The Biden administration will use a federal civil rights office to deter states from banning masks in classrooms.

By Sheryl Gay Stolberg and Erica L. Green

The secretary of education, Miguel Cardona, speaking with Mia Arias, 10, during a visit to a New York elementary school on Tuesday.
The secretary of education, Miguel Cardona, speaking with Mia Arias, 10, during a visit to a New York elementary school on Tuesday.Credit...Brittainy Newman/Associated Press

President Biden, escalating his fight with Republican governors who are blocking local school districts from requiring masks to protect against the coronavirus, said Wednesday that his Education Department would use its broad powers — including taking possible legal action — to deter states from barring universal masking in classrooms.

Mr. Biden said he had directed Miguel Cardona, his education secretary, “to take additional steps to protect our children,” including against governors who he said are “setting a dangerous tone” in issuing executive orders banning mask mandates and threatening to penalize school officials who defy them.

“Unfortunately, as you’ve seen throughout this pandemic, some politicians are trying to turn public safety measures — that is, children wearing masks in school — into political disputes for their own political gain,” Mr. Biden said in remarks from the East Room of the White House, adding, “We are not going to sit by as governors try to block and intimidate educators protecting our children.”

The federal intervention comes as school districts face the monumental task of trying to get students back to in-person learning and reverse the devastating setbacks experienced by a range of students. Mr. Biden’s move puts the federal government at the center of bitter local debates over how to mitigate against the virus in schools, just as the highly infectious Delta variant is fueling a spike in pediatric cases.

In an interview on Wednesday, Dr. Cardona said that like the president, he was “appalled that there are adults who are blind to their blindness, that there are people who are putting policies in place that are putting students and staff at risk.”

“At the end of the day,” he said, “we shouldn’t be having this conversation. What we’re dealing with now is negligence.”

Dr. Cardona said he would deploy the Education Department’s civil rights enforcement arm to investigate states that block universal masking. The move marks a major turning point in the Biden administration’s effort to get as many students as possible back to in-person schooling this fall.

The nation’s most vulnerable students, namely students with disabilities, low-income students and students of color, have suffered the deepest setbacks since districts pivoted to remote learning in March 2020, and their disproportionate disengagement has long drawn concern from education leaders and civil rights watchdogs.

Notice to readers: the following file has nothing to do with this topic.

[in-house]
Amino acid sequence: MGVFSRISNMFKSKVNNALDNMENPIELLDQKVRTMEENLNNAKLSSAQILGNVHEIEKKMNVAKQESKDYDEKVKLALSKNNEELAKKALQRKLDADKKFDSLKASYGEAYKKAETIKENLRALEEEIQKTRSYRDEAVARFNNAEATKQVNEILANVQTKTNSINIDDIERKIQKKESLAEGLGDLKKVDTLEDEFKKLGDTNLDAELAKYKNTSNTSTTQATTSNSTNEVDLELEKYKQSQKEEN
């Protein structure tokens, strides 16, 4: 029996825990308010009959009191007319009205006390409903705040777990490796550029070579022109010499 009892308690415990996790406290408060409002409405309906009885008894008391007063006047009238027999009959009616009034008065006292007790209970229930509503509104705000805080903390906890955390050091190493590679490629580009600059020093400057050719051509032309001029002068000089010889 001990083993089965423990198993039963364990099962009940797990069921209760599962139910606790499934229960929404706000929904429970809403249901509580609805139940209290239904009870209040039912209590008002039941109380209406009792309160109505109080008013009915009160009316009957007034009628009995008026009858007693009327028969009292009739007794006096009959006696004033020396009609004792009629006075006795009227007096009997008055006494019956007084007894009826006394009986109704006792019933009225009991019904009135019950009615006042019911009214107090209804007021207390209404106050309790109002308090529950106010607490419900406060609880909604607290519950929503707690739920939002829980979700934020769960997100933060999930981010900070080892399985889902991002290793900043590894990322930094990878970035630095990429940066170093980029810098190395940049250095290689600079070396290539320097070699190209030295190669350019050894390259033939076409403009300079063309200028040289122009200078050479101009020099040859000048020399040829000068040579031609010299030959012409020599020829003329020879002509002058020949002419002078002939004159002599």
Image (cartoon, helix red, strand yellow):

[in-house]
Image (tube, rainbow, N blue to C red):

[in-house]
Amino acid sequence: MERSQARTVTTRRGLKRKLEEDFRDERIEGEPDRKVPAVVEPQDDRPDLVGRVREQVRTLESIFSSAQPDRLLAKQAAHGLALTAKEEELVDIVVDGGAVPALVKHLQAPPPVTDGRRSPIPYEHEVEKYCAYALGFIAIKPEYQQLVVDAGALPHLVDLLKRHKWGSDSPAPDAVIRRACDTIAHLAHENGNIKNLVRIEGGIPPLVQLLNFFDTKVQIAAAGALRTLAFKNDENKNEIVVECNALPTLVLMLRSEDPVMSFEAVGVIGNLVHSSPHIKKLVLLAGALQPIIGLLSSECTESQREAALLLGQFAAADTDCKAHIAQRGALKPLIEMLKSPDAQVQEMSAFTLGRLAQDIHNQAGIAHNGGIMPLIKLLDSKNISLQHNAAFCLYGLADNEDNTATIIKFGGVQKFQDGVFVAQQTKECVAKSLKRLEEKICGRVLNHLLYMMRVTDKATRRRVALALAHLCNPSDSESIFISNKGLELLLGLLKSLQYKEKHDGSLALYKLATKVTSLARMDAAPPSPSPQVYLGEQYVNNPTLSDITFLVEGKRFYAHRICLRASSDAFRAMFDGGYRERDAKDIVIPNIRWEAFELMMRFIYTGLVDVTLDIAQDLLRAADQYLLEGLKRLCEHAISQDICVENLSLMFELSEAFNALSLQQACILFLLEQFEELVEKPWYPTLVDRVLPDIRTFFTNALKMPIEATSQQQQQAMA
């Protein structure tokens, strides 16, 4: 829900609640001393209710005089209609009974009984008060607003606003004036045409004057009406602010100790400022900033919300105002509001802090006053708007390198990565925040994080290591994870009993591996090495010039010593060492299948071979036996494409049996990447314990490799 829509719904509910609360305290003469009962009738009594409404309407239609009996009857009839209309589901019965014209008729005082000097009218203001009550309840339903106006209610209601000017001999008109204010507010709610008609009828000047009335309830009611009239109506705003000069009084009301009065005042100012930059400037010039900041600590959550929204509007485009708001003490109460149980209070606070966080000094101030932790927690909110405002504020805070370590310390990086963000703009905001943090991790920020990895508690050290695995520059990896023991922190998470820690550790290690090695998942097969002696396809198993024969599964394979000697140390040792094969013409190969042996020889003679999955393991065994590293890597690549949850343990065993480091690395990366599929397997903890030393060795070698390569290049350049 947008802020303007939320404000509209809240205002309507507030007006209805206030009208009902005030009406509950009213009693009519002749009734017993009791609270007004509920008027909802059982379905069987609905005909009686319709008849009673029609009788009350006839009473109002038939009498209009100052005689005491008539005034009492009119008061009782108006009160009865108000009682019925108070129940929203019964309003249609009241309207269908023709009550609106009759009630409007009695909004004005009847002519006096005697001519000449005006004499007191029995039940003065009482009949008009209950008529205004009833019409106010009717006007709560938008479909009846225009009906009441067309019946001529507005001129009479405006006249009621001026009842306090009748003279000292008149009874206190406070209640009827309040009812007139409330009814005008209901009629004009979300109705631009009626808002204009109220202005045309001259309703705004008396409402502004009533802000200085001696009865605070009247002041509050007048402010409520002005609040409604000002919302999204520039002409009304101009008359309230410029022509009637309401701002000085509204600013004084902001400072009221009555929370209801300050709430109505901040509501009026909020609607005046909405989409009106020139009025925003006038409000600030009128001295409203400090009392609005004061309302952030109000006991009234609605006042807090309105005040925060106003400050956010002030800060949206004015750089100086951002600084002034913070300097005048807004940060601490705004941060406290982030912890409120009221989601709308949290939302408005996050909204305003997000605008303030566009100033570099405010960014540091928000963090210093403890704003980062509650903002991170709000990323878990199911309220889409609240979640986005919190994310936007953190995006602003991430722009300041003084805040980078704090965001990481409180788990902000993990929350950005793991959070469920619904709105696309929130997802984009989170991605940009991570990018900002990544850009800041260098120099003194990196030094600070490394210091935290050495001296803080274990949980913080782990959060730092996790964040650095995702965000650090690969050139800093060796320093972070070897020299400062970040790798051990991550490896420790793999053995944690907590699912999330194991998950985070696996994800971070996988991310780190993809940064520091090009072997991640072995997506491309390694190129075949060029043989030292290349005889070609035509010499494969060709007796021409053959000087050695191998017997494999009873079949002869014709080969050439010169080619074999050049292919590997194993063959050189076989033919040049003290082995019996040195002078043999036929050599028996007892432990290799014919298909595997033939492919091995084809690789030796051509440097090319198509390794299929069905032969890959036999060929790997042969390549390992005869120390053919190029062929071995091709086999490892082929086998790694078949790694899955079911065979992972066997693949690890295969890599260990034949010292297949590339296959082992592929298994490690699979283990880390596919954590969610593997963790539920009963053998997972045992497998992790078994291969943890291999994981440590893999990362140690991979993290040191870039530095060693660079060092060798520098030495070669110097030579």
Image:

Under Section 504 of the Rehabilitation Act of 1973, students are entitled to a free, appropriate public education, known as FAPE, and Title VI of the Civil Rights Act of 1964 prohibits discrimination based on race, color and national origin.

If state policies and actions rise to potential violations of students’ civil rights, the department could initiate its own investigations into districts and investigate complaints made by parents and advocates who argue that prohibiting mask mandates could deny students’ right to education by putting them in harm’s way in school.

A report released by the department’s civil rights office this summer provided a snapshot of the suffering students have experienced. It noted that the pandemic challenges were particularly acute for students with disabilities, whose educational success relies on classroom time and hands-on services.

“I’ve heard those parents saying, ‘Miguel, because of these policies, my child cannot access their school, I would be putting them in harm’s way,’” Dr. Cardona said. “And to me, that goes against a free, appropriate public education. That goes against the fundamental beliefs of educators across the country to protect their students and provide a well-rounded education.”

The administration will also send letters to six states — Arizona, Iowa, Oklahoma, South Carolina, Tennessee and Utah — admonishing governors’ efforts to ban universal masking in schools.

Last week, Dr. Cardona sent similar letters to the governors of Texas and Florida, reminding them that districts had both the funding and the discretion to implement safety measures that the C.D.C. recommended for schools. The secretary also made it clear that he supported district leaders who defied the governors’ orders.